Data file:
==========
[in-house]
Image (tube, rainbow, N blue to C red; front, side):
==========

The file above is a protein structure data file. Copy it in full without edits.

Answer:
[in-house]
Image (tube, rainbow, N blue to C red; front, side):